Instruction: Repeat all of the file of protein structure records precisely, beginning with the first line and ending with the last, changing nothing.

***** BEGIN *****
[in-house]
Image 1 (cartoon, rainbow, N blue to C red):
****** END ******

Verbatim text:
[in-house]
Image 1 (cartoon, rainbow, N blue to C red):